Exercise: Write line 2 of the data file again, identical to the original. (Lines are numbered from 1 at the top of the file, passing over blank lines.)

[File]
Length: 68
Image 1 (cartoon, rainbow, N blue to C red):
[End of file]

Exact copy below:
Image 1 (cartoon, rainbow, N blue to C red):